I was in a navy blue pinafore and a white shirt, a short crop of hair combed and held back by black hair-pins, a small bag slung over my shoulder – on my first day in school. When a neighbourhood ‘kaka‘ asked me the name of my school in the evening, I still remember taking a deep breath before starting – ‘Kripasharan Continental Institution’- a mouthful for me even today. I was just a shade over three years old when my parents felt that my time would be far better spent amongst children of my age rather than a houseful of adults. So that fine day, I trooped off to school – with my tiny hand firmly clenching my mother’s thumb as she strode through the crowded lanes and by-lanes of central Calcutta, past the busy Bowbazar Post Office, a quick turn into an alley beyond the Phiringi Kalibari, past the thick moustached constable stationed at the gates of the Bowbazar Police Station and through the gates of my first school.
Kripasharan wasn’t a playschool or kindergarten in the conventional sense of the term; it was a school that had been set up and run by a group of Buddhist monks who believed children would be far better off imbibing the lessons of the 8-fold path early on in life. And while I don’t very clearly remember what I was taught there, I do remember lots of serene, smiling faces in flame coloured robes, the booming voice of Mahantaji chanting the morning prayers and the sound of carefree laughter and high-pitched voices as we, the children who studied at Kripasharan, played, coloured, laughed and danced to our hearts content every day at school.
A couple of years later when I was made to switch my allegiance from the Buddhist Brotherhood to the Missionary Sisterhood of Loreto, I remember spending most of my days in school in carefree frolic. There was a definite thrill in going to school each day, opening a book and turning a fresh leaf that held with it images and experiences of places, times, things and a world I did not know. Teachers in all shapes and sizes filled up our days with coaxing, cajoling, strictures and detentions too! Till when I was nearing my board exams, I remember the heaviest part of my school going ensemble was my lunch-box, which my mother would assiduously pack every morning with piping hot food, that would remain a mystery till the mid morning break.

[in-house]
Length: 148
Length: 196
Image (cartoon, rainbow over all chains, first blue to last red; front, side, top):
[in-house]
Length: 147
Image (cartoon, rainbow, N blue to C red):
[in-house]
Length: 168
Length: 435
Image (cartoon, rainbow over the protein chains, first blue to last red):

Life was possibly easy then. We had friends, books, paints, squabbling siblings, playgrounds, alleys, the terrace and the sky. We didn’t have Barbie, Hannah Montana or the Jonas Brothers to contend with as we grew up along with our friends. (We didn’t even have Camp Rock or High School Musical, though we also had our own heart throbs in Knight Rider, Remington Steele and Jesse of Street Hawk fame). What we also didn’t have is the huge mountain of books that children of today have to lug all the way to school irrespective of their age, aptitude or the list of subjects on the timetable each and every day of the year. And while I can’t say that things continued this way all the way through school, college and University for me, the fact is that I spent the most beautiful years of my childhood enjoying my childhood both at home and at school.
The children of today are a lot smarter, significantly more aware, and considerably more tech savvy than we were at their ages . A generation of plenty has provided them with access to information, knowledge and learning that we had never dreamed of. What it is also provided them with is a bulging bag of books that is perhaps much better consigned to the weight trainers at the gym than to the overflowing classrooms of today.
As I thread through the cars, buses, auto-rickshaws and people every morning, my 9-going-on-10 chattering by my side, her bag thrown over my shoulder, I can’t help but notice little children bent over double almost as they lug their burden to school. The smiles that I remember, the carefree laughter, the splashing in the pool and the childhood pranks seem to have paled and faded somewhat into the background as has their childhood.The days once filled with games, friends, cousins, picnics and outings are now filled by tuition classes of every conceivable nature and hue; homework by the sack full; and finishing classes that were last known to benefit the likes of Gigi and other eligible debutantes.
Harried mothers and distracted fathers hurry back from their chores to attend Parent-Teacher meetings in the hope of discovering that single flash of brilliance that will put a league between their children and the mass. And teachers, eager to bask in the glory of their successes, focus all their energies and lavish all their praise on the same set of students who, they believe, will bring laurels to their roost. What do we really hope to achieve through this mindless pursuit of success?A generation of androids who have been forced to sacrifice their childhoods at the altar of adult success? A race of self serving superhuman children who even Darwin would be proud of? Or a breed of mature young adults to whom we can bequeath the legacy of the planet? I don’t know about you, but I definitely want the last.
So here’s what a ‘not-so-ideal’ mother, I, did last year. When the nine came home with her second term Hindi marks, a proud nine out of twenty five, which was one whole mark more than her first term marks (an eight out of twenty five) – I took her to Crossword and asked her to pick up her favourite book – a gift to celebrate the ‘single fruit’ of her hard work in Hindi!
Read it on my TOI blog : Freeze Frame